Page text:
*: Money is described as a liquid. Money, liquid-like, tends to flow toward where money already is (I believe r > g is one way of describing this effect). Liquids, on Earth, tend to flow down, but since our language is set by the rich, and because the rich like to flatter themselves, we describe money as a weird anti-gravity liquid that flows "up" to the "top." This obfuscation is obnoxious and I try to avoid it whenever possible. Money flows down, and the people who have a lot of it are at the bottom, not the top. As such, income redistribution means taking money from the bottom — the real bottom, the thing we tend to describe as the top, the place where everything is wet with money — and sends it back up to the top — the real top, which tends to be bone dry.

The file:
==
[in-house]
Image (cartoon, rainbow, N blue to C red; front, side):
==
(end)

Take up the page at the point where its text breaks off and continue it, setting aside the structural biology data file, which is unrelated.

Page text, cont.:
"

I use this metaphor quite often ... Money = Mass. Like Mass it generates Gravity. The more massive something is, the more it gravitates other mass towards it. The trickle down theory makes sense if by "trickle down" you mean down = gravity = mass concentration of wealth.

Labor, on the other hand, is energy, literally, it is work. I haven't thought too much about that dichotomy (energy of labor as regards mass of money). There is some Marxist work being put towards a probabilistic approach to economics, using thermodynamics as an aim towards understanding the flows of capital. I can't recall the specific book I have on my tablet/reader, but I see there are other sites/papers that touch on this topic.
posted by symbioid at 8:43 AM on October 17, 2014 [2 favorites]


Perhaps rather than allowing the extremely wealthy to lend money at interest, we should just take it from them and lend it out to ourselves interest-free. It strikes me that this would be more effective than the current system, and as a side benefit it would dissuade people from attempting to become extremely wealthy.